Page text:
I find troubling the notion that conceptual models can serve as adequate proxy of user needs. Programmers are smart people, and love models, especially high level abstract ones. It should be no surprise that techniques that promise to model user needs are the techniques of choice embraced by agile programmers. The models favored are variants of either scenario-based models, or usage-based models. What are these user models based on? Sometimes they are just based on a conversation between a pair of programmers. If more elaborate, the programmer pair might call a meeting to get input from some other stakeholders, such as the customer representative. But what these models aren't based upon is proper user research. The scenarios and "usage" reflects what a bunch of people sitting around a conference table said, and no more. All kinds of assumptions are made, and never verified, in such scenario and usage modeling. Models reflect the tunnel vision of their creators. They lack the peripheral vision gained by widespread consultation with users before design and during development.
What is most lacking from agile usability is a formal role for user testing. There may be a grudging acknowledgement that user testing is useful is limited circumstances, and a few UCD consultants have managed to sneak-in testing on an agile development project. But generally agile programmers see usability testing as a time waster, and unless and until that attitude changes, agile usability will be only be agile without the usability. Some agile advocates, particularly Larry Constantine, claim you really don't need to test to attain usability. "Our view [of usability testing] is not uncritically positive," he writes:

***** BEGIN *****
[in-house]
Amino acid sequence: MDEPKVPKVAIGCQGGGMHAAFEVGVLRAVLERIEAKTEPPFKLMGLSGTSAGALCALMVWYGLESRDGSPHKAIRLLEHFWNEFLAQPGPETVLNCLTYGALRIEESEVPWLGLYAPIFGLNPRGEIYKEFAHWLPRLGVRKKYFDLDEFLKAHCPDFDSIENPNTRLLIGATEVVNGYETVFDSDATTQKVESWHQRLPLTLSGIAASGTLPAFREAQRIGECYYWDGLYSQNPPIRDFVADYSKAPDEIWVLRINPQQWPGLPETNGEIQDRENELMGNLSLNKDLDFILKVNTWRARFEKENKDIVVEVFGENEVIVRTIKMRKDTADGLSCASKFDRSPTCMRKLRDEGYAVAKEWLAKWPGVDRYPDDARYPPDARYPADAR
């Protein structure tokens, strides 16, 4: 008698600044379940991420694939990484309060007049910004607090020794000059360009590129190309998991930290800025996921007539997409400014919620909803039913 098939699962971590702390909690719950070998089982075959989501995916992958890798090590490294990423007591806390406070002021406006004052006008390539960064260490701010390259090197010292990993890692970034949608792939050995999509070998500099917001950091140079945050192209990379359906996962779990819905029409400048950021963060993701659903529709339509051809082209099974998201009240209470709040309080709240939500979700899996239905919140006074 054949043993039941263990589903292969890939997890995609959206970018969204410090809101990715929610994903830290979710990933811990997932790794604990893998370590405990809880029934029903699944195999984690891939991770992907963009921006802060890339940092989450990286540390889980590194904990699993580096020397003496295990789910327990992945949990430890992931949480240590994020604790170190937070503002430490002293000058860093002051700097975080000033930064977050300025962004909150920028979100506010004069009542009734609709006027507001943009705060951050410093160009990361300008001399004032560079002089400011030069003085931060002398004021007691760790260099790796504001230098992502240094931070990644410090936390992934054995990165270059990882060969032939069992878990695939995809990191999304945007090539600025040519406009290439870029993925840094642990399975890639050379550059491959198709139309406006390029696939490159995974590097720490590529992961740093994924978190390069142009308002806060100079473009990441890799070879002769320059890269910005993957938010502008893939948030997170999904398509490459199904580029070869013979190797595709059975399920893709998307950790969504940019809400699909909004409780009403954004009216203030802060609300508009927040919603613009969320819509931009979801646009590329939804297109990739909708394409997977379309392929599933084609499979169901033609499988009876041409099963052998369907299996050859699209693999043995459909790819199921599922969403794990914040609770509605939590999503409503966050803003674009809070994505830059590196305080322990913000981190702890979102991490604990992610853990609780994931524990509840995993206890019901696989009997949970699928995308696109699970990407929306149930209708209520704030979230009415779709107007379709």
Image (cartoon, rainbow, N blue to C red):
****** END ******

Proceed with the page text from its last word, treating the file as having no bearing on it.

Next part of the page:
Our own view of usability testing is that it can be an important and useful tool in service of enhanced usability so long as it is recognized as only one specialized tool among many. Particularly in the absence of good models or methods of design, usability testing is indispensable. Testing, however, is never sufficient in itself to
deliver highly usable software. [my emphasis]